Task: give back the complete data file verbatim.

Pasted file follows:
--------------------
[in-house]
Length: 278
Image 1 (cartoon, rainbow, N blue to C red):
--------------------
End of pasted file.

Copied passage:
[in-house]
Length: 278
Image 1 (cartoon, rainbow, N blue to C red):